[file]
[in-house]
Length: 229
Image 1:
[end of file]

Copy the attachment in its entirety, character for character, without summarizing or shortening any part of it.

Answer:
[in-house]
Length: 229
Image 1: